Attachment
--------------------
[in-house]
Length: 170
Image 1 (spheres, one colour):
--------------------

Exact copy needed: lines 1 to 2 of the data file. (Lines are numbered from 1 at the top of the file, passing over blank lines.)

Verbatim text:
[in-house]
Length: 170